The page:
The answer is "No" (although earthquakes are different). A new paper out in Natural Hazards Review adds additional empirical support for this conclusion (Tansel and Sizirici 2011). Rather than improving, there is evidence that in some places more recent construction actually performs worse in hurricanes than does older structures. There is also evidence that recent hurricane experience is associated with better construction.
The paper looked at damage to buildings following Hurricane Andrew (1992) and compared the scope of damage to the year of construction (results shown in the figure above). Here is an except of the paper's conclusions:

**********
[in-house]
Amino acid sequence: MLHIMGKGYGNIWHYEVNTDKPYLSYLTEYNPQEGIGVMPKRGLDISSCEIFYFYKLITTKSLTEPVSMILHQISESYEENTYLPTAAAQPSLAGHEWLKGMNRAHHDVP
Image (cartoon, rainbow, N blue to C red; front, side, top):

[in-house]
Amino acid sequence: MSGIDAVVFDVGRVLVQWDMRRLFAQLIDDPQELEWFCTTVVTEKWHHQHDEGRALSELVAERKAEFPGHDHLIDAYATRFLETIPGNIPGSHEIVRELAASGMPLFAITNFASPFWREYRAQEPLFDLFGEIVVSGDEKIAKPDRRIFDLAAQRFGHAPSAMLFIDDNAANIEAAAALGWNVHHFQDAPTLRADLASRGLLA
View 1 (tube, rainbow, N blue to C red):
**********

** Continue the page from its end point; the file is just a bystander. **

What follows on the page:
Southeast Florida has experienced a significant increase in population density and urbanization since the 1950s. In this study, field data were used to analyze the damage to the housing units based on wind speed, age of buildings, distance to coast, and distance to the hurricane eye. A relatively long period of low hurricane activity (1950 to 1992) has resulted in increased population density and coastal development in South Florida, significantly increasing the vulnerability of the region. The structural damage data compiled by the Metropolitan Dade Department of Building and Zoning after Hurricane Andrew in 1992 show that the long period of low hurricane activity in Dade County during 1950–1990 resulted in lower construction quality. In general, the older housing units constructed after the previous major hurricanes (in 1926, 1945, and 1950) showed less damage than the units constructed during 1970–1990.Of course, our normalized hurricane losses show no trend which matches up perfectly with the lack of trend in hurricane frequency or intensity at landfall, so there is no evidence of a bias one way or the other. However, building performance in hurricanes provides a good example that things do not always get better all the time.